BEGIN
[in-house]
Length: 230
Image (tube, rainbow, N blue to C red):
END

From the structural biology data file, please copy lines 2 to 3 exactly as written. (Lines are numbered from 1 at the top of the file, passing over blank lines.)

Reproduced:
Length: 230
Image (tube, rainbow, N blue to C red):